“Financial Market Cycles, Globalization, and the Recent Sub-Prime Crisis”
Graeme Wheeler, Managing Director, The World Bank
Eighth Annual International Seminar on
Policy Challenges for the Financial Sector
June 4-6, 2008, Washington, D.C.
The World Bank, the International Monetary Fund, and the Federal Reserve Board
I am conscious of George Bernard Shaw’s comment that, “If all the economists were laid end to end, they would never reach a conclusion.”
So I will try to be more of a one-handed economist in offering personal thoughts on financial cycles, globalization, and the sub-prime crisis.
Economic cycles have been recorded since the days of variable wheat harvests in ancient Egypt. Those who date business cycles suggest that there have been over 30 such cycles in the US over the past 150 years. Several originated in the financial sector.
Amsterdam, in the 1630s, provides an early example of how speculative behavior led to financial market panic and recession. During the tulipmania frenzy, the market for rare tulip bulbs boomed for twelve years before collapsing in 1636. At the height of its activity, prices for the rarest bulbs ranged from 6 to 20 times the annual income of artisans, and twice the amount that Rembrandt received for painting “The Night Watch” in 1639.
Even in those days, globalization played an important role. Foreign buyers were active in the tulip market and the wave of the bubonic plague which swept across Northern Europe killed 15 per cent of Amsterdam’s population in 1636.
The cycles of exuberance and extreme risk aversion which characterize financial markets remind me of the little black cat that Victor Hugo described in an intriguing passage in “Les Miserables.”
“We all know the habit of cats of hesitating in an open doorway – hovering uncertainly at the risk of being crushed by the closing of the door.”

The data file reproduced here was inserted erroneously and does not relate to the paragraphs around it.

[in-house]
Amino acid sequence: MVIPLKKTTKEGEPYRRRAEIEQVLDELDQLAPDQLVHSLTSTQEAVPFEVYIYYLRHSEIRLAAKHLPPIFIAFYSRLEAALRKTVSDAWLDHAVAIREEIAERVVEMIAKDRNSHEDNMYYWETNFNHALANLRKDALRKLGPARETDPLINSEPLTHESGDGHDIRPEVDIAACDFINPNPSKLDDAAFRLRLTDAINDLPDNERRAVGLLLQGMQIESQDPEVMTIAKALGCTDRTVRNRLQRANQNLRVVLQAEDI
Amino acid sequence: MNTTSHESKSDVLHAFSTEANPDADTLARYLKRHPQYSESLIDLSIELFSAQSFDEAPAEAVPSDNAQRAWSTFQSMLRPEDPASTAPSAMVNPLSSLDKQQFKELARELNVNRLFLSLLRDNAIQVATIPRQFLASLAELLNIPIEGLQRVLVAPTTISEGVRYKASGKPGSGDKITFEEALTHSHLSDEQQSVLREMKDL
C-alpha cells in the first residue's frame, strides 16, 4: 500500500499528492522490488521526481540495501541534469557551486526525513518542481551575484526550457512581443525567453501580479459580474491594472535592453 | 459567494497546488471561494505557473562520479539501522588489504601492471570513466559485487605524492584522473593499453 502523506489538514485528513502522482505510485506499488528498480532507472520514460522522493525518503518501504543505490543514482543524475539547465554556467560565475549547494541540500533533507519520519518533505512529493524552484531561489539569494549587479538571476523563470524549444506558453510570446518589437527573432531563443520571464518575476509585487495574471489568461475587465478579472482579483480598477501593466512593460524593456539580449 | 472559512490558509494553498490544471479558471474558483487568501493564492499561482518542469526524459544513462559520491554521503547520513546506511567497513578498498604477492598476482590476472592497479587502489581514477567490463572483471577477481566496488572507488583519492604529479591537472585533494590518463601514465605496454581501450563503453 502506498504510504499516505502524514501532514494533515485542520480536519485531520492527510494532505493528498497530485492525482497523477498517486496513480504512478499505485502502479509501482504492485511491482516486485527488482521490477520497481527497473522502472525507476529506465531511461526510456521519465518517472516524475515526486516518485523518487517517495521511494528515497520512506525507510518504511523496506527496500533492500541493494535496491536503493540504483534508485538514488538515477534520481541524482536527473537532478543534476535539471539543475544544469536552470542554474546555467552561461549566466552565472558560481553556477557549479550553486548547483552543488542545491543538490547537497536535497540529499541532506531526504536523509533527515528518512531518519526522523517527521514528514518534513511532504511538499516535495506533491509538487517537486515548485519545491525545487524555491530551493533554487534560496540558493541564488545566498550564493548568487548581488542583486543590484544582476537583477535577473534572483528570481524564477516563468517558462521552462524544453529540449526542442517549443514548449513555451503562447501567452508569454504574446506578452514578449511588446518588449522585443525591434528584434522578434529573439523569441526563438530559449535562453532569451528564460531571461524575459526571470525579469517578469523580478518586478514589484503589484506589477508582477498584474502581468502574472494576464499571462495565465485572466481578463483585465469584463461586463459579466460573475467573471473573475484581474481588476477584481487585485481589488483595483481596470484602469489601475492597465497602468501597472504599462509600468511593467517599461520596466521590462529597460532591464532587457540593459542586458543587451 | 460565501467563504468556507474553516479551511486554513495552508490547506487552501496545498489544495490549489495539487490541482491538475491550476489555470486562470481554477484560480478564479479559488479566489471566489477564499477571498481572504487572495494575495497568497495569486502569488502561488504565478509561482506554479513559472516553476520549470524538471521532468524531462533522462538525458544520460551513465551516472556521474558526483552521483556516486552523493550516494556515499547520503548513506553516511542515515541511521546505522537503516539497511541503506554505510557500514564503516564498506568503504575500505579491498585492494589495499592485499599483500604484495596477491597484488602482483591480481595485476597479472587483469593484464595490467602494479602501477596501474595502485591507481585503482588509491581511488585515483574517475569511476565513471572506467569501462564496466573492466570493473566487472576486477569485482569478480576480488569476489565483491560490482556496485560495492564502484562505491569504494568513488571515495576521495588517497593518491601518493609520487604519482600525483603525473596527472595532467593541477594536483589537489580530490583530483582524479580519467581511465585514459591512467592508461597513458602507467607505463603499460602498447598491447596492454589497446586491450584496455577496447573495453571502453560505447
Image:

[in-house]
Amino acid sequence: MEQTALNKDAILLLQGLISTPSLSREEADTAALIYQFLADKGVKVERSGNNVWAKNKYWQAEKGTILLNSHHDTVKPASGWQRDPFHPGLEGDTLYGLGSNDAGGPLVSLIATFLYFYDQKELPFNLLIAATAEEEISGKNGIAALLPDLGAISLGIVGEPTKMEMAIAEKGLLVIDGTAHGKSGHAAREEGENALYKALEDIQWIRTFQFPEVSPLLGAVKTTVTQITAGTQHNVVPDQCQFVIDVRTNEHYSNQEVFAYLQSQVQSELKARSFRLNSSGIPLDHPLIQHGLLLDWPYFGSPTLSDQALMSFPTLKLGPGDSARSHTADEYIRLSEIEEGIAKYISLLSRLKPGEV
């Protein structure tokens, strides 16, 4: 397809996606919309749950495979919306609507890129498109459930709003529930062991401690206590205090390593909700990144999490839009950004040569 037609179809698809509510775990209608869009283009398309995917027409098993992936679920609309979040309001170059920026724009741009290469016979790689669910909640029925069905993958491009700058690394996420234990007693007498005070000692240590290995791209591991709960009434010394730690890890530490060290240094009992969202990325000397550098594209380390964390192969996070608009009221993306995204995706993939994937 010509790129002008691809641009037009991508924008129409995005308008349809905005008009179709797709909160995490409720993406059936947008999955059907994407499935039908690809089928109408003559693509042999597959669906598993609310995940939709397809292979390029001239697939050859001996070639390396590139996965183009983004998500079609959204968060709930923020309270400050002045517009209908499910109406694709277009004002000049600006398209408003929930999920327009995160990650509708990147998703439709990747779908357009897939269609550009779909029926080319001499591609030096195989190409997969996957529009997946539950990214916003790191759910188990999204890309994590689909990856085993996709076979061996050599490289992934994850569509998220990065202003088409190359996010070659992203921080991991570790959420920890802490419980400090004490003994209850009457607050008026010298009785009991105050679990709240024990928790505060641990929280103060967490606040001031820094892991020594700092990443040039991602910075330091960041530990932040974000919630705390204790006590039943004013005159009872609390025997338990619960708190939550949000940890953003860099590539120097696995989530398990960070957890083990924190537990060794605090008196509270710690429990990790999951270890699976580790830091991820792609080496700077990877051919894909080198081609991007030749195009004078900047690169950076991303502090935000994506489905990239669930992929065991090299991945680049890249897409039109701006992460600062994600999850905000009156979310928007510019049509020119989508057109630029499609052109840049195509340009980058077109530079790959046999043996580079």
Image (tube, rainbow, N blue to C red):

Herding behavior, and the black holes in liquidity which follow the collapse of asset bubbles, are common features of financial cycles. We know the pattern. Reductions in the cost of financing encourage credit creation, carry trades and leverage, and fuel asset prices. Investors take on greater risk in the search for higher yield and in doing so, significantly lower risk premia. We see dominant institutional investors placing similar bets, sharing similar benchmarks, and having similar pricing and risk management platforms. All face the pressure of generating alpha, meeting short-term profit goals, and outperforming peers.
We saw this pattern in the lead-up to the Argentinean crisis in the late 1990s. Investors continued to provide bond financing to Argentina – often at declining spreads – fearful of missing out on returns captured by those who preceded them. Argentina came to represent nearly one quarter of the emerging market bond index. Rather than requiring higher risk premiums from an increasingly leveraged borrower, investment managers benchmarked to the emerging market bond index felt obliged to buy at the going price.
Eventually, the party loses its sparkle when the onset of increased investor caution elevates risk premiums, lowers asset values and promotes the liquidation of the debt that supports higher asset prices.
Some things do not change. During the 1630s tulipmania, ordinary tulip bulbs contaminated the rare tulip bulb market. There were fraudulent credit practices, shady derivative trades involving tulip bulb offshoots, widespread default, and, in the aftermath, a vigorous debate over regulation.
Note the similarities with the March 2008 policy statement of the President’s Working Group on Financial Markets. This suggested that the principal causes of the recent turmoil in financial markets were a breakdown in underwriting standards, a significant erosion of market discipline, risk management weaknesses, and the failure of regulatory policy to offset them. And we are hearing financial intermediaries stress how self regulation and sound ethical practices can overcome the need for far reaching regulatory changes that might help to limit public risk but would constrain private returns.
When Benjamin Franklin said, “There are only two certainties in life – death and taxes,” he might have added financial cycles.
One might hope that the frequency and amplitude of financial cycles would diminish as governments improve their economic management through initiatives such as medium term financial strategies, fiscal responsibility rules, more independent central banks, flexible exchange rates, and prudent balance sheet management.
One might hope, but one should not be confident. In recent years, we have seen major corrections in equity markets – first in 2000 and again more recently, a private equity contraction in the high-tech sector, a boom and correction in emerging market fixed income, the same in securitized lending products linked to real estate, and currently, a commodity price boom. Risk capital moves rapidly from one asset class to another as each cycle plays out.